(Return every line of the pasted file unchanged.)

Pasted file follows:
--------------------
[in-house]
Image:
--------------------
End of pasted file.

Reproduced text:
[in-house]
Image: